I hope to hear from you again soon!

Jeanne 🙂

6 Jeanne { 01.25.09 at 7:08 am }

Mckay k,

Everytime I see your name pop in for a comment on my blog, I smile before I even read it. You ALWAYS have something positive to say!

Despite all of your many serious illnesses, your “attitude of gratitude” and positivity are always shining bright. You are amazing!

I just love that video. I’m glad you liked it too. It makes my cry but I love it!

You are NOT alone!!


I highly recommend the blog that Mckay k writes!

Check it out…

“Living With a Chronic Illness”:

7 Jeanne { 01.25.09 at 8:40 am }


Thank you so much for stopping by from ‘Shaping Youth’ to post your kind comment… and for sharing the video clip (posted here) with Girls Horse Club too!

I have a soft spot in my heart for this video. It speaks to so many people. Patients with various illnesses, caregivers for those patients, children of aging parents… the list goes on.

Yes, this video has been known to cause some weepy eyes. I know I cried as much when I posted this as I did months ago the first time I saw it.

I just took a peek at your great site and left you a comment there as well.

Enjoy the rest of your weekend! 🙂

Take care,


8 Jeanne { 01.25.09 at 7:08 pm }


I’m glad you liked it! It makes me cry every time I watch it but I love it. 🙂


9 Kelly D. { 01.29.09 at 8:35 pm }

A friend of mine told me yesterday she has 3-7 years to live based on her illnesses. This video makes me think of her and her suffering. It’s so sad. My heart goes out to her and others who are suffering these illnesses.

10 Jeanne { 01.30.09 at 2:59 pm }


I am so sorry to hear about your friend’s prognosis and my heart goes out to you and to her. 🙁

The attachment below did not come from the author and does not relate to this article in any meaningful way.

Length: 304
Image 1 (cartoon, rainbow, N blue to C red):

Obviously I don’t know what illnesses she has that led her doctor(s) for tell her she has 3-7 years to live.

I hope I am not being offensive in any way by saying this… because I do NOT know her circumstances… but if it gives you/her ANY hope at all, doctors can be wrong about these things. Doctors are human and they can make mistakes.

Three to seven years is a long time to be on a, please forgive the term, “deathwatch”. I cannot imagine how upsetting it would be to wait for the other shoe to drop for that long.

Fortunately for your friend, she has a caring, supportive, compassionate friend in you to help her through the challenges she faces.

I have heard many cases of doctors “predicting” someone will die in X-Y number of years… only to be wrong.

Your friend may need hope to move forward.

Whether she truly has 3-7 years to live as predicted or whether her doctor(s) are mistaken, hope is important.

Living day after day worrying if “today will be the day” is not healthy mentally… no matter how accurate the prognosis may be.

If she does get progressively sicker and it really starts to look like the doctors are right about her prognosis, it may give her comfort to determine her “end-of-life” wishes now.

Even if she does not get progressively sicker anytime soon, end-of-life planning is important.

I blogged about end-of-life issues awhile back and I think you might like to see the post:

The link above emphasizes the importance of making one’s endo of life wishes known BEFORE losing the ability to communicate them.